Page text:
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As I talk to security leaders across the globe, four main themes teams constantly struggle to keep up with are:

  1. The ever-evolving and increasing threat landscape
  2. Access to and retaining skilled security analysts
  3. Learning and managing increasingly complex IT environments and subsequent security tooling
  4. The ability to act on the insights from their security tools including security information and event management software (SIEM)

We as an industry still have much to do to help organizations with these four challenges because they are not going to go away. If anything, they are going to become increasingly acute in the post-pandemic environment.

Truths Shaping the Future of SIEM

There are numerous ways we plan to help organizations with these challenges. But we believe the truths outlined below are shaping the way the industry is moving in combatting threats and shaping threat management solutions:

Unified Workflows vs. Security Analytics

SIEM is, and will remain, one of the key security analytics tools for a security team.

However, it is not an island and the overall workflow, data, and business context that a security team requires to do their job often goes beyond the SIEM to other tools, including EDR, ASM, NDR, Identity, Data Security, CWPP, and CSPM. Many organizations even have more than one solution of the same type. Therefore, organizations need a truly open solution that provides a unified, streamlined analyst workflow that encompasses the insights and context from all of these current capabilities (and future ones) but also enables federated access to all of their data.

Automation vs. Orchestration

Orchestration of triage and response workflows is a critical capability, particularly in larger organizations, but it is not a substitute for a large part of the manual processes security teams follow when investigating a security alert or incident.

Organizations need more help and automation in the areas of investigation and threat hunting that not only reduces manual effort involved in analyzing the data across their various tools and data silos, but also leverages insights from the wider infosec community, including SIGMA rules and threat intelligence. The ultimate goal is to enable the security team with higher fidelity alerts, faster root cause insights, and recommended actions to mitigate or protect against a threat.

Becoming More Proactive

Given the current state of security team workloads, we need to be very deliberate in execution. A security solution or capability must take work away from an analyst; not add to it.

Unfortunately, there are always going to be too many vulnerabilities, security misconfigurations, threats, and malicious behaviors for organizations to respond to. It is therefore critical that we shift to a ‘threat-driven defense’ approach to security that is centered around understanding the attacker’s perspective and ensuring defense systems are addressing it as a priority. Today, such efforts are typically highly manual and infrequent. We need to move to a mode of operation where these processes become much more automated, which will ultimately reduce the risk of a security incident happening and shorten the time to detect and respond where they do.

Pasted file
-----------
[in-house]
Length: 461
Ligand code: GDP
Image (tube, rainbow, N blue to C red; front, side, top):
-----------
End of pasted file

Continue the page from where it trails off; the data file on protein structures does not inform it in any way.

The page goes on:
The Future of SIEM

With the current state of cyber security threats becoming more advanced and more persistent, it is imperative that the SIEM market deliver a tool that can manage the workload. We understand a SIEM needs to be:

  • Infused with artificial intelligence to deliver prioritized, high-fidelity alerts so that security analysts focus on alerts that matter
  • Easy to use and fast to deploy because threats will not stand by as you spin up your SIEM
  • Open to integrating existing tools and technologies

As the industry moves forward, the need for open security that enables security teams to quickly and easily support the entire security operations center (SOC) workflow — including visibility, detection, investigation and response — across multiple tools and data sets will be paramount. IBM is investing heavily in these areas, which we believe is one reason IBM has been named a Leader for the 13th consecutive year in the 2022 Gartner Magic Quadrant for SIEM report.

Get the 2022 Gartner Magic Quadrant for SIEM report

Gartner, Magic Quadrant for Security Information and Event Management, 10 October 2022, By Pete Shoard, Andrew Davies, Mitchell Schneider

Gartner does not endorse any vendor, product or service depicted in its research publications and does not advise technology users to select only those vendors with the highest ratings or other designation. Gartner research publications consist of the opinions of Gartner’s research organization and should not be construed as statements of fact. Gartner disclaims all warranties, expressed or implied, with respect to this research, including any warranties of merchantability or fitness for a particular purpose.

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